Even Vietnamese parents who came to the U.S. as refugees and with little education also shepherd their children into these programs.

"For the Chinese and Vietnamese respondents, high school was mandatory, college was an obligation, and only after earning an advanced degree does one deserve kudos," the study’s authors wrote.

For example, Caroline, a 35-year-old second-generation Chinese-American woman said that her mother believes it’s ludicrous that graduating from high school is cause for celebration.

"I was happy(at my high school graduation), but you know what? My mother was very blunt," Caroline said. "She said, ‘This is a good day, but it’s not that special.’"

"It’s a further obligation that you go to college and get a bachelor’s degree," she added. "Thereafter, if you get a Ph.D. or a master’s, that’s the big thing; that’s the icing on the cake with a cherry on top, and that’s what she values."

Even Asian-Americans in the study who achieved some degree of success but didn’t attend what their parents considered to be a top university feel that they have failed.

Study participant Maryann, a child of Vietnamese immigrants who had only obtained a sixth-grade education, graduated from a Cal State university. She’s working as a substitute teacher while she’s getting her M.A. in education. 

"Despite the extraordinary intergenerational mobility that she has attained, Maryann feels that she departed from the success frame because she earned only a 3.5 GPA and graduated from a Cal State university rather than a UC," the study’s authors wrote.

Yet another Chinese-American woman who graduated from a UC school, owns a profitable contracting and design company and earned $160,000 in one year, feels unsuccessful because she doesn’t have an advanced degree.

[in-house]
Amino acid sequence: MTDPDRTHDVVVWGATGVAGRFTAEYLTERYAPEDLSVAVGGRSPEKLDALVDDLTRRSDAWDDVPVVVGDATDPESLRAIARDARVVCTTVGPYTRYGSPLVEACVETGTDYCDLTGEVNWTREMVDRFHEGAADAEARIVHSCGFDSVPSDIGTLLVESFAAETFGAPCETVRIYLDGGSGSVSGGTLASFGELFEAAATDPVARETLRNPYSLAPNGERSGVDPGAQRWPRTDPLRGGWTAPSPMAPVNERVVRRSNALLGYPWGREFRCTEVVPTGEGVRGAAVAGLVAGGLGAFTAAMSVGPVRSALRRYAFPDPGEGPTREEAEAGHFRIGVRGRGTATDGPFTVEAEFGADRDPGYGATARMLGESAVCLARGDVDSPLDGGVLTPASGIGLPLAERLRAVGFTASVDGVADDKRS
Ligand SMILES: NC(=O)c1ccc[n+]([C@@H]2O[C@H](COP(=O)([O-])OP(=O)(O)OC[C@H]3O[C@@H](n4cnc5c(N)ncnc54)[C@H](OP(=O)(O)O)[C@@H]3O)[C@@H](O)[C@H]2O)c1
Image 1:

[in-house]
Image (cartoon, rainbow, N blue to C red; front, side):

But the study’s authors said exerting such pressure on young Asian-Americans takes a toll.

UCLA sociologist zeroes in on what motivates “tiger moms“
UCLA sociologist Min Zhou

Asian-Americans who don’t fit the success frame feel like failures or underachievers, and often distance themselves from their ethnic identities, family and friends, they said. A Princeton study found that Asian-American college students at elite universities had the highest academic outcomes, but the lowest levels of self-esteem compared to white, black and Latino students.

Zhou and Lee recommend that Asian-American parents widen their view of success "so that their children do not feel so constricted in their occupational pursuits." Already, second-generation Asian-Americans are broadening their views, they said.

"Broadening the success frame is not a route to failure," the study’s authors wrote. "Instead, it may lead to uncharted and fulfilling pathways to success."

The interviews were randomly selected from the survey of Immigration and Intergenerational Mobility in Metropolitan Los Angeles. The survey is a research project funded by the Russell Sage Foundation that’s produced a series of studies on Los Angeles immigrants and will culminate in a book by Zhou and Lee.

http://www.washingtonpost.com/news/morning-mix/wp/2014/04/08/forget-tiger-moms-asian-american-students-succeed-because-its-expected-say-scholars/